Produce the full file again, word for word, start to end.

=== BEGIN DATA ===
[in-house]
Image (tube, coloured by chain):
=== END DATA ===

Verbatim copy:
[in-house]
Image (tube, coloured by chain):